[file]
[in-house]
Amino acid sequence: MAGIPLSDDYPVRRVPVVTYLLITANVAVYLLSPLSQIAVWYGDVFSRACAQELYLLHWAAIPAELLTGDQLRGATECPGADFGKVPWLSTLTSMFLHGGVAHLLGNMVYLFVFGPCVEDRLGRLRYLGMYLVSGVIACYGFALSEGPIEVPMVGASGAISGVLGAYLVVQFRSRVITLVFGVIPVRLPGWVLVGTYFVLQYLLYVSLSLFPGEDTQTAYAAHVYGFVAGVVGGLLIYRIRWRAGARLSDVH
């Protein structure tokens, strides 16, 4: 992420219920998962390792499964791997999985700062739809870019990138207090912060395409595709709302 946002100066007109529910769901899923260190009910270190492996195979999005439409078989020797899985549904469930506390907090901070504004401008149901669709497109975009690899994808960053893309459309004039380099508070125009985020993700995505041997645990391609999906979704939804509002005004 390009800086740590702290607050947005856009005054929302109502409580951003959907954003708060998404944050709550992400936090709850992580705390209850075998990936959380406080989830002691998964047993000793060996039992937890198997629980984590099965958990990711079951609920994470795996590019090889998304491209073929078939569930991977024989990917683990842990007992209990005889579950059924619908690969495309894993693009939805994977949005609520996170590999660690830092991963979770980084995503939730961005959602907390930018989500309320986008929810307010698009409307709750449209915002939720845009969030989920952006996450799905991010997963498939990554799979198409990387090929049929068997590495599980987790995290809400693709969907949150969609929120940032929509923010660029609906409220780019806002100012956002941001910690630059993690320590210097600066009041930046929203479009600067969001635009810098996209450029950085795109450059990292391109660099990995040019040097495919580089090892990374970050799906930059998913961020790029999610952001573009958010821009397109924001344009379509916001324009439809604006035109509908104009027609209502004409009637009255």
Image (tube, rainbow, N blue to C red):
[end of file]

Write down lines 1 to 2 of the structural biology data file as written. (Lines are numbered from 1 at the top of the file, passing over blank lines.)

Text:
[in-house]
Amino acid sequence: MAGIPLSDDYPVRRVPVVTYLLITANVAVYLLSPLSQIAVWYGDVFSRACAQELYLLHWAAIPAELLTGDQLRGATECPGADFGKVPWLSTLTSMFLHGGVAHLLGNMVYLFVFGPCVEDRLGRLRYLGMYLVSGVIACYGFALSEGPIEVPMVGASGAISGVLGAYLVVQFRSRVITLVFGVIPVRLPGWVLVGTYFVLQYLLYVSLSLFPGEDTQTAYAAHVYGFVAGVVGGLLIYRIRWRAGARLSDVH